Another labour of love from the Italian organist Manuel Tomadin, adding to his much-praised catalogue of collections by masters of the German and Italian Baroque.
Born in Nuremberg in 1564 within a musical family, Hassler received his formative musical instruction from his father and quickly developed into a keyboard player of formidable gifts: in the dedication to his 1591 Cantiones sacrae he noted that he was ‘from a tender age more talkative with the fingers than with the tongue’. In 1584 Hassler left Nuremberg to continue his education in Venice, becoming one of the first in a long line of German musicians who journeyed south of the Alps for study in Italian musical centres.
While his motets and other vocal works were widely disseminated during his lifetime and have attracted recordings by period-instrument luminaries such as Philippe Herreweghe, his output for organ and harpsichord has received much less than its fair share of attention. One probable cause is that none of it was published during his lifetime, and yet Manuel Tomadin demonstrates that across its range there is no reason for music of this invention and lively originality to be hid under a bushel.
In a 1593 portrait, Hassler is described as a ‘most esteemed organist’, and a single-manual chamber organ with pedal is prominently included in the frame. After moving back to Germany, taking a succession of prestigious posts in musical centres across central and southern Germany including his home city, he became known as an expert in organ design, and his own music for the instrument exploits every possible technical and colouristic refinement of the new instruments of his age. Hassler died in 1612.
On this set, Manuel Tomadin plays a collection of historically appropriate instruments in Italian churches, and the collection is highly attractive as a gallery of Italian organ-building in its own right. The formal weight of Hassler’s output falls on instrumental paraphrases and elaborations of the Magnificat hymn, complemented as in Frescobaldi with ornate and harmonically adventurous ricercars and more lyrical canzonas.
Critical praise for Manuel Tomadin on Brilliant Classics
‘The phrasing is precise and convincing, and Tomadin has a positive knack for making the simplest of lines and lyrical themes interesting and listenable. He will have done a tremendous service to the world of music in this recording… Highly recommended.’ Fanfare (Alberti, 95161)
‘Wonderfully vibrant and spirited, including one of the finest renditions of the BWV 577 I’ve ever heard—it practically has one skipping about the room in delight.’ Fanfare (Bach/Buxtehude, 95941)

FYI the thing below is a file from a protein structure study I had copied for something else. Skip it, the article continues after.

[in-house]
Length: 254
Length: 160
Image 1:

‘Scholarly and well-researched performances… I particularly enjoyed his inégales in some of the harpsichord performances.’ Early Music Review (Lübeck, 95453)
- Hans Leo Hassler was born in Nuremberg where his first music teacher was his father, Isaac Hassler, who was an organist. Nuremberg had important trade and musical relations with Venice at that time and thanks to this fact, in 1584, Hassler moved to the Italian city, probably the first well known German composer to move to Italy for study purposes. At that time the Venetian school was at its climax with the magnificence of the polyphonic style, which was about to spread and to become popular throughout Europe. Hassler became friends with Giovanni Gabrieli, both studying organ and composition with Giovanni’s uncle, Andrea Gabrieli. He also got to know the organists Zarlino and Merulo. After Andrea Gabrieli’s death, Hassler left Venice and was appointed chamber organist by Ottaviano Fugger II In Augsburg starting from January 1586, where he became well known both as an organist and composer. From 1600 until 1604 he worked as organist of the Frauenkirche in Nuremberg. He spent his later years in in Ulm where he married in 1604, and from 1608 in Dresden where he became chamber organist at the court of Christian II, Elector of Saxony. Unfortunately he fell ill of tuberculosis and prematurely died in 1612.
- In adopting the new Italian style of the “stile concertato", the polychoral music and the typical emotional expressivity of the Venetian school, Hassler was the first protagonist of the Baroque outside Italy.
- This new recording presents the complete organ music by Hassler, a collection of toccatas, canzonas, ricercares, mass settings, Magnificat settings and variation sets, music of great originality, contrapuntal fluency and melodic inventiveness.
- Played on a variety of historic Italian organs from the 16th and 17th century by Manuel Tomadin, one of the foremost Italian organists of today, a scholar and passionate musician, with an impressive discography to his name: Husumer Organ Book, Alberti Complete Keyboard Works, Van Noordt, Krebs, Lübeck and other North German organ masters.